“Is my baby gaining enough weight?”
It’s a common concern for new parents and not necessarily an unfounded one. Low weight among newborns has been linked to compromised immune systems, making babies susceptible to illness, and could signal anything from a food allergy to a developmental issue. Scary as it sounds, though, low weight doesn’t always signal a problem.
“Small babies can be as healthy as big babies,” according to American Baby magazine. “The key is steady growth.”
The magazine’s latest issue breaks down what moms and dads can expect. In the first few days after birth, it is normal for a baby to lose a few ounces – water weight, according to experts. Around the two- to five-day mark, the baby will start to regain about a half-ounce per day and should be back at birth weight between days 10 and 14.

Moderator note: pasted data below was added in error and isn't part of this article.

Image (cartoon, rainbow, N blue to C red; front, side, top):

What are some red flags? If a newborn’s weight dips by more than 7 percent, if he takes longer than two weeks to return to his birth weight or if there is a significant drop in trajectory on the growth chart – for example, from the 60th percentile to the 10th – then it’s best to consult a pediatrician.